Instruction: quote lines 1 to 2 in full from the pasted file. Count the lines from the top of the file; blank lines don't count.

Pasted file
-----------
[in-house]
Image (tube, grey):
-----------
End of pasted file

[in-house]
Image (tube, grey):